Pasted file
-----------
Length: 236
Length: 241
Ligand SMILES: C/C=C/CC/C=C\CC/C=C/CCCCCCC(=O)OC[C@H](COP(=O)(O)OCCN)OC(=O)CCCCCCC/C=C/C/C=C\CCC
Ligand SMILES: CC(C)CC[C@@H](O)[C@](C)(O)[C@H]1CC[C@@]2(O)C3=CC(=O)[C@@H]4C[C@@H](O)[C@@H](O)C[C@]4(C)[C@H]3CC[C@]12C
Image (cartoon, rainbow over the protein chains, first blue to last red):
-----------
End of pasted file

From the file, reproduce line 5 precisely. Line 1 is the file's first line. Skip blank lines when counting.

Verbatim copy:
Image (cartoon, rainbow over the protein chains, first blue to last red):